Hanna Jarzabek
From 4 November to 1 December.
Former convent of San Francisco (Terrassa). 
Monday to Thursday from 9 a.m. to 6 p.m. and Friday from 9 a.m. to 4 p.m.
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What is it like living in a place that doesn’t exist on any map of the world?

Transnistria isn’t shown on the maps of Europe. Its capital is not studied in the classrooms and its problems don’t fill the front pages. The lives of its 500.000 inhabitants have been ignored by the international community for over thirty years.

In 1990 this narrow region squashed between the river Dniester and Ukraine declared its independence from Moldova in order to preserve its Russian language and identity. Thirty years later they have a government, currency, passport, borders, armed forces and so on, but even so it doesn’t exist for the outside world. It is in a legal limbo that spreads its tentacles over all facets of daily life: local goods cannot be sold abroad if they are not labelled as Moldovan products; financial transactions have to be done through Russian banks because its currency isn’t recognised, most pensions depend on Russia and until five years ago its university degrees weren’t valid outside its borders.

The lack of international recognition has also allowed the appearance of opaque businessesn, and the economy and politics are in the hands of a private conglomerate controlled by oligarchs. Poverty, isolation, corruption, lack of freedom and inequalities lead many people to emigrate. For those who stay, the problem of identity is starting to move into the background.

What defines a country? How do its inhabitants build their identities? How does the international silence affect everyday life? To answer these questions, in 2018 Hanna Jarzabek travelled to Transnistria.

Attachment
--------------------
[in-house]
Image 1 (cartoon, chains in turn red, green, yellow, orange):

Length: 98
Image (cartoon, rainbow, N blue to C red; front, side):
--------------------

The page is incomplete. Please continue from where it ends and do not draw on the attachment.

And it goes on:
The result can be seen from 4 November to 4 December in Álbum, a festival of contemporary image and photography in Terrassa.

Transnistria, de HannaJarzabek
Transnistria, de HannaJarzabek

Hanna Jarzabek

Hanna Jarzabek is an independent political scientist, documentary photographer and photojournalist. She worked for a couple of years editing social reports for UN agencies in Geneva until her travels to the Philippines, the Gaza Strip and Iran made her realise that photography allowed her to tell stories and denounce the things that she disagreed with.

Her projects deal with discrimination, social dysfunction in Europe and the building of national identity in the post-Soviet regions following the collapse of the Soviet Union.

Jarzabek has also accumulated long experience delving into topics such as gender identity, sexual diversity, migration, radicalisation of young people and the rise of extreme-right movements in Europe.

Born in Poland, since 2008 she has lived in Spain, combining her works as a photographer with teaching at the International Centre of Photography and Film EFTI (Madrid).

Hanna Jarzebek. Album. Festival de la imagen y la fotografía contemporánea 2023

Her work has received numerous awards, including the XX Photography Award of the University of Murcia (2021), the Second Prize Educando la Mirada 2022 and the third Prize of POY Latam 2015 (Mexico), in the multimedia category. She was also nominated for the Oskar Barnack Leica Award 2023, received an Honourable Mention in the Marilyn Stafford FotoReportage Award (UK 2021) and was selected among the Futures Talents 2020 in the EU Futures Photography programme. She has also been awarded prestigious grants by bodies such as the European Journalism Centre in Amsterdam (2022), the DESVÍO programme – Hablar en Arte, Madrid (2021), the European Journalism Center (2020) and the Helge Hummelvoll Scholarship of the 69th Missouri Photo Workshop (2017), among others.

Her work has been displayed throughout Spain and also in Germany, Georgia, Poland and Switzerland. Her reports are published regularly in El País, Newsweek Japan, XL Semanal, BuzzFeed News, L’Obs, Internazionale, Equal Times, 5W magazine, Interviú, Le Temps Magazine, 7k magazine, Gazeta Wyborcza, and Polityka, among others.


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